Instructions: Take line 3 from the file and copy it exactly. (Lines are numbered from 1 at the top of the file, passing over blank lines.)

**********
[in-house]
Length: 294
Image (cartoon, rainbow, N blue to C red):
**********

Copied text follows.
Image (cartoon, rainbow, N blue to C red):